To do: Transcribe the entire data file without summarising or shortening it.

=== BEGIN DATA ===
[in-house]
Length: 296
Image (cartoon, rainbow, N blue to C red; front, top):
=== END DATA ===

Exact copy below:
[in-house]
Length: 296
Image (cartoon, rainbow, N blue to C red; front, top):